Los Angeles Chargers Pre Free Agency 2022 Seven Round Mock Draftby Charlie Parent March 3, 2022 0 comments
Following the devastating Week 18 loss to the Las Vegas Raiders, the Los Angeles Chargers move into an offseason with lots to do. This is a team that was a tie away from making the postseason, but their weaknesses that showed all season showed in that final game against the Raiders. This will be a big draft for the Chargers to go after the best available player while filling their holes. There are no trades in this mock; however, you’d have to think the Chargers will make several moves due to the fact that they have 12 picks, including four in the seventh round.
To help with this mock draft, I used The Draft Network’s mock draft simulator.
Make sure to check out all of our other NFL Team Mock Drafts.
Round 1, Pick 17: Jordan Davis, DL, Georgia
Say what you want about Davis, but he is a must-get for Los Angeles. Jerry Tillery and the rest of the Charger’s front seven had a morbid year stopping the run, and it’s mostly because of size. Tillery comes in at 295 pounds and gets moved with ease. Upgrade him with 340 pound Davis to stop the run, and you’ve got minimum a very good space-eater in the NFL. Yes, he may play only two-downs at a time, but this is the best way Los Angeles can solve their biggest problem.
For more on Davis, check out our scouting report on him.
Round 2, Pick 48: Nicholas Petit-Frere, OT, Ohio State
Petit-Frere had a rough final stretch for the Buckeyes; however, the upside is there. Bryan Bulaga is turning 33, has one-year left on his contract, and is always hurt. We saw backup Storm Norton get dominated in the last half of the season, so the need is there. With Rashawn Slater locking down the left side, Petit-Frere can come in, sit for a year to develop, and work well on the right side in 2023.
For more on Petit-Frere, check out our scouting report on him.
Round 3, Pick 79: Myjai Sanders, EDGE, Cincinnatti
Here we have the best pick of this mock draft. Sanders is one of several talented edge rushers in this draft class and only falls to the third because of the talent ahead. A solid pass-rusher opposite Joey Bosa has been needed for some time now, and if Sanders can develop into that specialist we think he can be, this duo will be lethal.
Round 4, Pick 121: Jesse Luketa, LB, Penn State
One of the Senior Bowl standouts was Luketa. Scouts and media alike loved his energy and the game he brought. Now, Luketa joins a very defensive-minded draft class and a team in need of linebacker help. Former first-round pick Kenneth Murray has struggled thus far, so Luketa’s raw potential can give Los Angeles another option down the road at the linebacker position.
Round 5, Pick 159: Marquan McCall, DT, Kentucky
McCall is not predicted to go anywhere near this high, but there are always guys on day three that you are surprised where they are selected. Even after spending their first-round pick on Davis, the Chargers decide to go right back to the front-seven. McCall comes in at 6-foot-3 and a whopping 380 pounds. 380 is far too much for anyone in the NFL, but if he can drop it down to 360 pounds, McCall will be another big body to stop the run.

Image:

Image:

Round 6, Pick 193: Chase Lucas, CB, Arizona State
Now, we enter the plethora of late-round picks that Los Angeles has at its disposal. The Chargers already have one of the best slot corners in the league in Chris Harris Jr., but he’s 32, and Lucas is good either outside or in the slot. Hopefully, he’ll develop for a few years behind Harris and become a serviceable rotation guy.
Round 6, Pick 214: Charleston Rambo, WR, Miami
This is a pick with serious boom potential. Rambo didn’t have the production most thought he would have at Miami, but that was a depleted offense, and we saw his full play at the East-West Shrine Bowl to a tee. He was one of the most notable players on-site and raised his stock enough to safely be a draftable player. Overall, this is a player Chargers fans should be excited about as an extra weapon to have in the future.
Round 7, Pick 233: Verone McKinley, SAF, Oregon
McKinley might not drop this far in the actual draft, but we can’t rule it out. He’s an excellent coverage guy who was seen in two-deep and single-high sets often at Oregon. There’s also some real NFL future with McKinley, and in a system that has developed safeties well recently, he can be the next in line.
Round 7, Pick 252: Smoke Monday, SAF, Auburn
Monday is nearly the exact opposite of McKinley. At Auburn, he was basically used as a small linebacker. Monday is the definition of a slashing safety who will lay the boom and plays with an energy that the Chargers will love. Is it realistic that Los Angeles goes two straight safeties? Perhaps not; however, these guys can make a fun, diverse, young tandem rotating in early in their careers.
Round 7, Pick 253: Jerrion Ealy, RB, Ole Miss
It’s not like the Chargers need a running back with Austin Ekeler at the helm, but Ealy can provide some nice backup reps. Ealy is a smaller back with a very dynamic game. He’s quick, explosive, and used in all sorts of ways in Lane Kiffin’s system. He could have a similar impact as a rookie that Chris Evans had in 2021 for the Cincinnati Bengals.
Round 7, Pick 255: Nick Ford, iOL, Utah
With the final selection, Ford might be a little bit of a shot in the dark, though he’s gotten some attention lately. This move is strictly to add some depth to the offensive line. We saw what happened when guys went down last year, and it doesn’t have to happen again. Ford will get rotational snaps sometime in the future but could also be one of the first players cut by the Chargers due to the high amount of draft picks this team currently owns.
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